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Aging and disease    2018, Vol. 9 Issue (4) : 716-728     DOI: 10.14336/AD.2017.1018
Review Article |
Superoxide Radical Dismutation as New Therapeutic Strategy in Parkinson’s Disease
De Lazzari Federica1, Bubacco Luigi1, Whitworth Alexander J2, Bisaglia Marco1,*
1Molecular Physiology and Biophysics Unit, Department of Biology, University of Padova, 35131 Padova, Italy.
2Medical Research Council Mitochondrial Biology Unit, University of Cambridge, Cambridge Biomedical Campus, Cambridge, CB2 0XY, UK.
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Abstract  

Aging is the biggest risk factor for developing many neurodegenerative disorders, including idiopathic Parkinson’s disease (PD). PD is still an incurable disorder and the available medications are mainly directed to the treatment of symptoms in order to improve the quality of life. Oxidative injury has been identified as one of the principal factors involved in the progression of PD and several indications are now reported in the literature highlighting the prominent role of the superoxide radical in inducing neuronal toxicity. It follows that superoxide anions represent potential cellular targets for new drugs offering a novel therapeutic approach to cope with the progression of the disease. In this review we first present a comprehensive overview of the most common cellular reactive oxygen and nitrogen species, describing their cellular sources, their potential physiological roles in cell signalling pathways and the mechanisms through which they could contribute to the oxidative damage. We then analyse the potential therapeutic use of SOD-mimetic molecules, which can selectively remove superoxide radicals in a catalytic way, focusing on the classes of molecules that have therapeutically exploitable properties.

Keywords antioxidants      oxidative damage      Parkinson’s disease      SOD-mimetics      superoxide dismutases     
Corresponding Authors: Bisaglia Marco   
About author:

These authors equally contributed to this work.

Issue Date: 01 August 2018
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De Lazzari Federica
Bubacco Luigi
Whitworth Alexander J
Bisaglia Marco
Cite this article:   
De Lazzari Federica,Bubacco Luigi,Whitworth Alexander J, et al. Superoxide Radical Dismutation as New Therapeutic Strategy in Parkinson’s Disease[J]. Aging and disease, 2018, 9(4): 716-728.
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http://www.aginganddisease.org/EN/10.14336/AD.2017.1018     OR     http://www.aginganddisease.org/EN/Y2018/V9/I4/716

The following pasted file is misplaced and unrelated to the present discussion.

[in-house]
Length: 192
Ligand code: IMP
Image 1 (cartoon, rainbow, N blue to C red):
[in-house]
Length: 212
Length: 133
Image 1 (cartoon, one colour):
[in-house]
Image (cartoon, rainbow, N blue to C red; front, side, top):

Figure 1.  Oxidative injury and PD

Mitochondrial dysfunction, dopamine metabolism and neuroinflammation co-participate in promoting oxidative damage in dopaminergic neurons. Complexes I and III of the mitochondrial electron transport chain are the main sources of O2•- inside cells. The PD-related toxins MPTP and rotenone are complex I inhibitors. Chronic activation of microglia represents a further mechanism of O2•- and NO radical’s generation through the action of NADPH-oxidase (NOX) and inducible nitric oxide synthase (iNOS), respectively. In activated microglia, myeloperoxidase (MPO) is responsible for the formation of HClO. The PD-associated proteins α-Synuclein and LRRK2 contribute to microglia activation. Specific to dopaminergic neurons, the cytosolic oxidation of dopamine to dopamine-quinones leads to the production of the O2•-. Cytosolic O2•- is transformed by the action of superoxide dismutase 1 (SOD1) in H2O2, which can produce the highly toxic radical HO through the Fenton reaction. Otherwise, O2•-can react with NO to form the very reactive molecule ONOO-. (FMN: flavin mononucleotide; IMS: intermembrane space; nNOS: neuronal nitric oxide synthase; VDAC: voltage-dependent anion channels).

ROS/RNS speciesPhysiological functionsReference
O2•-Inflammasome activation and cytokines release[65, 66]
H2O2Modification of protein activity. Modulation of signalling pathways (NF-kB) and gene expression (Nrf2)[64, 67]
NOVasodilatation, platelet aggregation, neuronal firing, synaptic plasticity, and neurotransmitter release[68, 69]
Table 1  Physiological functions ascribed to ROS and RNS.
Figure 2.  SOD-mimetic compounds

(A) MnTDE-2-ImP5+, a Mn-porphyrin and (B) M40403, a Mn(II)-cyclic polyamine are among the most interesting SOD-mimetic molecules from a therapeutic standpoint.

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